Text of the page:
Belatedly, but gratefully, I come to Disney/Pixar's remarkable "Toy Story 3," arguably one of the most original prison-escape movies ever made. The prison in question is the jarring day-care center where Andy's toys - including sassy cowgirl Jessie (that's her above) - are sent because Andy is grown and soon off college and his toys have become, well, obsolete.
The head toy there is an embittered old stuffed bear who sadistically puts the new arrivals in the line of fire of a bunch of stampeding brats.
Smoothly directed by Lee Unkrich, it's all alternately affecting, hilarious and heartbreaking, and among the new editions to its cast is a Ken doll who is worthy of/sleazy enough for a spot on ABC's "The Bachelor."
Lisa Cholodenko's "The Kids Are All Right" is a bright alt sitcom that benefits considerably from another thorough performance from Annette Bening and a playful one from Julianne Moore, the two (that's them above) playing lesbian partners/mothers whose world is turned upside down by the arrival their respective kids' same sperm-donor dad.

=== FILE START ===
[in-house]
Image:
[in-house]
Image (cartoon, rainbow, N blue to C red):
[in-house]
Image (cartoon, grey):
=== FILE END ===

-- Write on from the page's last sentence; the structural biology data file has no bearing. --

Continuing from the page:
The only problem with the film is not Mark Ruffalo's usual non-actor performance, but a conventional twist in the narrative which has Ruffalo bedding Moore and Bening discovering the betrayal in a way that would be dated even on a daytime soap opera. I'm not spoiling anything here; Cholodenko sets up Moore's interest in hetero sex early on by having the two women use gay male porno films to jumpstart their own sex lives. It's an unfortunate tonal shift that mars an otherwise smart comedy.